Tattoos have always played a highly important role when it comes to both traditions and rituals. In Borneo, women have placed tattoos on their forearms, which indicated a particular skill. If women wore a symbol that indicates she was a highly skilled weaver, then her status as a potential wife and mother was increased.
During the early seventeenth century, there was actually a generally accepted codification of a tattoo mark, which was used to identify criminals and outcasts who resided in Japan. These outcasts were distinguished by the tattoo on their arms. A cross might actually be tattooed on their inner forearm, or a straight line found on the outside of their forearm or on the upper arm.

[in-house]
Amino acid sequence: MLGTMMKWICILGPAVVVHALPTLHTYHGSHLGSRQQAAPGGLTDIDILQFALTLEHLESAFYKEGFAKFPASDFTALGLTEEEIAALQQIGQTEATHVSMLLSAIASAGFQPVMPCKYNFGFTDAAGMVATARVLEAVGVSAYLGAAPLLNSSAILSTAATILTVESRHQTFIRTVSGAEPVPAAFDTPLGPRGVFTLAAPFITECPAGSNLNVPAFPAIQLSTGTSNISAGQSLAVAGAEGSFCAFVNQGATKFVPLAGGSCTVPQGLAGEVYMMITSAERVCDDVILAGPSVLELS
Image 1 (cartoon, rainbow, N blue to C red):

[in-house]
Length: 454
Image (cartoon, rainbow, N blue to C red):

Tattooing was also introduced in many German concentration camps during the autumn of 1941. As hundreds and thousands of Soviet prisoners arrived in the infamous Auschwitz concentration camp, and thousands rapidly died there due to starvation and torture, the SS authorities started tattooing the prisoners to identify them.